Semester Offered: Fall
Last Taught: Fall 2014

RESEARCH ETHICS FOR CLINICAL RESEARCH

This course covers basic human subject’s research issues, including NIH guidelines, required certification, and Institutional Review Board processes and procedures. In addition, topics include general research and data ethics. Students complete papers on specific ethical dilemmas and a final project relevant to their area of dissertation research.
Catalog number: CTS 702
Course Coordinator: Charles Lidz 
Semester Offered: Fall
Last Taught: Fall 2014

ADVANCED TOPICS IN BIOSTATISTICS

This course will cover an advanced topic in Biostatistics (for example, Longitudinal Data Analysis, Survival Analysis, Graphical Information Systems and Spatial statistics).  The purpose of the course is to provide students with immersion in one particular area of biostatistics, providing the theoretical background necessary and the practical "hands-on" data analyze experience.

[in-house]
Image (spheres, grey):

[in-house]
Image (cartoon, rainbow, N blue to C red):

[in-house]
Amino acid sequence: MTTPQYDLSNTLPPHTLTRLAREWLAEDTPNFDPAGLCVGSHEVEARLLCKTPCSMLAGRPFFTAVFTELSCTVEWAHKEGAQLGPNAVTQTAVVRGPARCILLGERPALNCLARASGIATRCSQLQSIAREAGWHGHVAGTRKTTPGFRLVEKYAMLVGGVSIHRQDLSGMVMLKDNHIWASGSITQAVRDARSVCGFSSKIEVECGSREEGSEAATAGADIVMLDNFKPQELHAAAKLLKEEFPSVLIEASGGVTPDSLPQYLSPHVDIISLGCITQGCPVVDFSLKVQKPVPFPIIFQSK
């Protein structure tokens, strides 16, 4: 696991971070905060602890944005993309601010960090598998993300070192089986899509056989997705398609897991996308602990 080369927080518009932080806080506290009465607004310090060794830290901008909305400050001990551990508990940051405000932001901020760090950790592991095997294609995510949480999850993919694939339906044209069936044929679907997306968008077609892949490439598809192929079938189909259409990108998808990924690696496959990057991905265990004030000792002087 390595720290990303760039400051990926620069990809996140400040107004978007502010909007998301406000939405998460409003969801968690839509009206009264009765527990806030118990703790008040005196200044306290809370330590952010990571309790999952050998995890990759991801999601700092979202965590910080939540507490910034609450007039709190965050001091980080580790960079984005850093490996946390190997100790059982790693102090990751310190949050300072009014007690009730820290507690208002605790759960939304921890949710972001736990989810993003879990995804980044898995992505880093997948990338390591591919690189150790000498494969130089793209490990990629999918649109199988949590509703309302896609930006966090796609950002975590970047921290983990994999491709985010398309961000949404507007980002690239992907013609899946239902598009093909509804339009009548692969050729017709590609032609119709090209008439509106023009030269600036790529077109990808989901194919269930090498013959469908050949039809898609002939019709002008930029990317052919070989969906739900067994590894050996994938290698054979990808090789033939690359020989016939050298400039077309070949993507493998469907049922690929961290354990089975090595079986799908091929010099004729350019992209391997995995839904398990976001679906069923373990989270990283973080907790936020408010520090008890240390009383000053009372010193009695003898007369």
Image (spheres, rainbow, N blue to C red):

Prerequisites: CTS603A & CTS603B or permission from Course Coordinator.
Catalog number: CTS 712
Course Coordinator: Kate Lapane
Semester Offered: Summer
Last Taught: Summer 2014

ADVANCED ANALYTICAL METHODS FOR HEALTH OUTCOMES RESEARCH

This advanced methods course is focused on learning methods for addressing confounding and bias. The goals for this course are: 1) to become comfortable recognizing and discussing bias and confounding; 2) to gain experience in using a variety of techniques that help in identifying and minimizing bias and confounding; and 3) to be able to assess the potential impact of residual bias and confounding on study results.